Saturday, February 27, 2010

Going Bovine by Libba Bray

Cameron Smith is a sixteen-year-old student in Texas who has never quite fit in, unlike his twin sister, Jenna. She always knows what to say and what to wear and is surrounded by the popular crowd at school. When Cameron is diagnosed with Creutzfeldt-Jakob - mad cow - disease, his terminal illness suddenly puts him into the spotlight. A pink-haired angel in combat boots encourages Cameron to escape from the hospital and embark on a wacky road trip in search of a cure. His helpers in this quest are a Mexican dwarf and a Nordic god in the form of a garden gnome.

The story is narrated in Cameron's entertaining, sarcastic voice. I never found him entirely believable, as a character. He is obviously smart, but I wanted to understand why he was so lacking in ambition and so detached from care for anyone or any thing. The story moves along at a fast clip, keeping the reader slightly off-balance. Is Cameron dreaming? Is he experiencing multiple dimensions of reality - or is it dementia?

It's a playful romp, layered with social commentary, pop culture and literary references. The open ending suits the storyline. Many aspects of this upbeat, superficially philosophical book reminded me of Douglas Coupland's Generation A. It is quite different - and to my mind better - than Bray's 19th century Gemma Doyle series. Grade 9 - up.

Friday, February 26, 2010

Asterios Polyp by David Mazzucchelli

The books I love the most are the hardest ones to blog about because it's hard to avoid gushing and I don't like it when other people gush online so I try not to do that. So what happens is that I don't write anything at all about some of my very favourite books, like David Small's Stitches. It's a shame to leave out the best ones, so I'll try to restrain myself with Asterios Polyp, which is so good that everyone should read it RIGHT NOW!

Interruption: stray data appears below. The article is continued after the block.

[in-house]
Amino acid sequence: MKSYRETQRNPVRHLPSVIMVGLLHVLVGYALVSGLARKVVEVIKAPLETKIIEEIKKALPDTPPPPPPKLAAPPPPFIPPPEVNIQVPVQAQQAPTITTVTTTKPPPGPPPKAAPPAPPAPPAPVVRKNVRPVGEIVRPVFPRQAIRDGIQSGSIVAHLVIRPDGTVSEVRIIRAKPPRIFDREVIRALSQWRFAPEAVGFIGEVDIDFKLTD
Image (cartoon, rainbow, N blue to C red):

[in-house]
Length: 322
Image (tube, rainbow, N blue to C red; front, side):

We meet Asterios at about the lowest point in his life, after his wife Hana has left him and he has lost his job as a professor of architecture and all of his possessions have been destroyed in an apartment fire. With only the clothes on his back and three keepsakes in his pocket, he sets off to find a new life. In flashbacks, we learn that Asterios was pompous, irritable and self-centred. It is no wonder that Hana left him. She is a sculptor who uses found materials to create organic, whimsical structures. Asterios sees things as strictly black and white and he values only functional designs. He is not a likable man and yet I felt sympathetic to his plight, so beaten down in the opening chapter.

This is a graphic novel that makes full use of the storytelling and emotional powers of art itself. Mazzucchelli's style changes with the characters. Narrative and side commentaries are offered by illustrations that take us beyond the written text. Asterios is always shown in profile, in a style that reminds me of the old man in Pascal Blanchet's La Fugue, (which may be why I warmed to Asterios immediately, come to think of it).

The tragedy inherent in the human experience. Lots of humour. Lots of literary references. Magnificent, expressive art. This book is fabulous.

Wednesday, February 24, 2010

The Mistress of Nothing by Kate Pullinger

Doctors prescribed the baking dry heat of Egypt as the only cure for Lady Duff Gordon's poor health. So, Sally Naldrett, who had already served as the lady's maidservant for over a decade, and who had travelled with her seeking cures in the past, went with her to Egypt in 1862. They both knew that the move to Egypt was for the long term. A charming and efficient dragoman named Omar was hired to run their household and cook for them. The two women adapted to life in Luxor on the upper Nile by learning Arabic and discarding their stays and heavy English dresses in favour of the comfortable clothing of the place. Sally loved her new life. It came as a great shock to her when she made a misstep and her beloved mistress cast her out.